Farewell from Bangkok!

Sawatdee ka!

Not much has changed since I wrote my first blog, but I will do my best to share some updates. Regrettably, I haven’t learned much more Thai. I am up to around five phrases – one of which is what I’ve learned by riding the Sky Train every day: “next stop is – Sà-taă-nee-dtòr-bpai.” Not the most useful phrase for conversation. On another note, I really enjoy living in this vibrant city. Honestly, I think I like it more every day that I am here. If I explored a new area every day, I still wouldn’t see even half of what the city has to offer. I am starting to think I will miss the craziness of the Big Mango back in the states (warning: my sources may not be accurate on this nickname of Thailand; it is supposed to play off of the Big Apple).

Well, I guess I’ll start with some extracurricular activities first this time. Since my last post, I took one trip outside of Bangkok to Hua Hin, a nearby beach town. I enjoyed a nice and relaxing long weekend there over the King’s birthday (a national holiday here in Thailand). While in Hua Hin, I explored multiple night markets, enjoyed the warm water of the Gulf of Thailand, and met some local friends to share an evening with. Getting out of Bangkok was nice, although the actual getting out was quite a task. I reserved a spot on a van that was set to leave at 8 am. However, about a fourth of Bangkok also did the same, so we didn’t actually leave the bus terminal until nearly 2 pm that day. I can’t say I wasn’t warned though. My Thai friends/colleagues and people who have lived here longer than 6 months all couldn’t believe I was braving the traffic out of Bangkok on a holiday weekend. They weren’t wrong. When the Queen’s birthday came around, I decided to stay in Bangkok for the long weekend.

At the end of this month, my time working with UNESCO Bangkok will come to an end. It is really bittersweet because I have enjoyed my time working here so much. Not to brag too much, but working in the Executive Office has been a dream. Everybody has been so welcoming since the beginning and made sure that I feel like I am an important member of the team. I really appreciate this because I know that in many internships, it is easy to feel like the intern – the one at the bottom of the totem pole, who people only believe is good at fetching coffee and taking meeting notes.  I am grateful that throughout my time here, I have grown professionally and personally from my colleagues’ and supervisor’s leadership and I look forward to staying in touch in the future J

Okay, okay, enough bragging about my team.  In terms of work, I have been focusing a lot on writing a regional report with my supervisor to highlight ‘good practices’ of implementing global citizenship education and education for sustainable development in Asia and the Pacific (which I mentioned in my first blog). I enjoy this project because I have gotten to learn so much about the Asia-Pacific region. Especially in terms of policy making, I have a much better understanding of the political, economic, social, and cultural context of the region.

Last week, the Jeju Water Academy for Youth in the Republic of Korea took place (which I also discussed in my first post). Unfortunately, there was a change of plans and I was unable to attend the event, though I still enjoyed working with my colleagues to design the curriculum and activities. My colleagues said that the children were all very enthusiastic about the hands-on activities we planned and enjoyed learning about UNESCO and how water is related to sustainability. The event was such a success that the organizers invited UNESCO Bangkok to co-organize the event twice-per-year for the next five years.  This is exciting for me personally because I may have the opportunity to continue working with the UNESCO Bangkok team (remotely) to plan the future events in JejuJ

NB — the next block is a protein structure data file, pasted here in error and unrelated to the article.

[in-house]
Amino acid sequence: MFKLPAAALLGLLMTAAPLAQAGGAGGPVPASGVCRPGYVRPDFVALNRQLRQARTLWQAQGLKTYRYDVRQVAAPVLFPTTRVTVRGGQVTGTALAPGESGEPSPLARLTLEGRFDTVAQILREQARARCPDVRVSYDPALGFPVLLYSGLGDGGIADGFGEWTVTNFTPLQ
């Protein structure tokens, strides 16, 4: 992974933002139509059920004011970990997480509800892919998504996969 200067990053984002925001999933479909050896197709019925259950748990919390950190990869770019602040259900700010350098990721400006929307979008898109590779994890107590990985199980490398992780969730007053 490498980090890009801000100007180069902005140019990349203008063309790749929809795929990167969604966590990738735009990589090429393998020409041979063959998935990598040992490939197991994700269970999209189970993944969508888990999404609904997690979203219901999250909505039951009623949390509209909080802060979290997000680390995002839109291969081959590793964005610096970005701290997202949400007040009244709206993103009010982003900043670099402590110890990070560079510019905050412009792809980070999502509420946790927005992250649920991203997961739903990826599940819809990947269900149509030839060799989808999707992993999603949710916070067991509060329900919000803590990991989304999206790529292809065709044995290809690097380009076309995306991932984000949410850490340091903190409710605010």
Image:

The last update I have to share is related to the UN system as a whole. Recently, we had an office ‘retreat’ where we discussed the repositioning of the UN development system and the strategic plan for UNESCO Bangkok. In short, the UN development system is repositioning itself to help realize its 2030 Agenda for Sustainable Development. The goal is to have better coordination between agencies, organizations, and sectors to address the gaps and overlaps within the system – a common criticism of the UN development system. It was said that there will be greater transparency and accountability and that the repositioning will “reinforce national ownership and leadership” so that country programs are no longer a “one size fits all approach.” If anybody is interested in reading more details, you can see the UN’s Report of the Secretary General from June 2017 here or the Resolution adopted by the General Assembly on 31 May 2018 here.

That is all I have for now. Thank you so much for following along! If you would like to hear more about my time working with UNESCO Bangkok or generally in Southeast Asia feel free to reach out to me!

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Courtney is a master’s degree candidate in George Washington University’s Education Policy Program. You can connect with her on LinkedIn or Twitter.

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